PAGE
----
:: Volume 15, Issue 2 (8-2013) ::
2013, 15(2): 132-142 Back to browse issues page
Effects of Endurance Training and Detraining on Serum BDNF and Memory Performance in Middle Aged Males with Metabolic Syndrome
Parvin Babaei Dr, Arsalan Damirchi Dr, Karim Azali Alamdari Dr
university of Guilan , azalof@yahoo.com
Abstract:   (12014 Views)

Introduction: The aim of present study was to evaluate the effects of aerobic training and detraining periods on metabolic risk factors, BDNF and memory function. Materials and Methods: Forty-two middle-aged, sedentary males volunteers were randomly divided into four groups MetS Exercise (ME), MetS Control (MC), Healthy Exercise (HE) and Healthy Controls (HC). Both the ME and HE groups participated in an exercise training (AT) program (6 weeks), followed by 6 weeks of detraining (DT). Midterm and Digit Span memory tests and blood sampling were conducted before and after training and also following detraining. Data were analyzed using Pearson coefficient, multivariate ANOVA and ANCOVA and repeated measure. Results: Most of the metabolic risk factors significantly improved after AT in the ME group waist circumference and FBS however returned to baseline values following DT (P<0.05). Waist circumference and triglycerides in the HE group decreased significantly, but returned to baseline values after DT (P<0.05). Aerobic exercise training could ameliorate overall MetS Z scores in both the ME and HE, groups, effects that disappeared in the ME group, even following DT (P<0.05). Serum BDNF was significantly elevated in HE, but surprisingly decreased in ME, effects that both disappeared after DT (P<0.05). Only in HE, both the short-term and mid-term memory improved significantly after AT (P<0.05). Conclusion: These findings indicate that physical fitness training programs ameliorate metabolic risk factors and improve learning and memory ability.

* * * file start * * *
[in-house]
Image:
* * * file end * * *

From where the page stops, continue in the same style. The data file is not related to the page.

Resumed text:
Keywords: Aerobic Training, Detraining, Metabolic Syndrome, BDNF, Memory function, Insulin Resistance
Full-Text [PDF 359 kb]   (1968 Downloads)    
Type of Study: Original | Subject: Exercise
Received: 2012/09/19 | Accepted: 2013/08/14 | Published: 2013/08/14

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Volume 15, Issue 2 (8-2013) Back to browse issues page